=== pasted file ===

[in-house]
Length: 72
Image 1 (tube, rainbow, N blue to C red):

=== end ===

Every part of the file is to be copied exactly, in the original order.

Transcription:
[in-house]
Length: 72
Image 1 (tube, rainbow, N blue to C red):